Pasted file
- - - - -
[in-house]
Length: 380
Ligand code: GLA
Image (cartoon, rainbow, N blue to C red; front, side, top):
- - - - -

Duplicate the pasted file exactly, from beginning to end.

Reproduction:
[in-house]
Length: 380
Ligand code: GLA
Image (cartoon, rainbow, N blue to C red; front, side, top):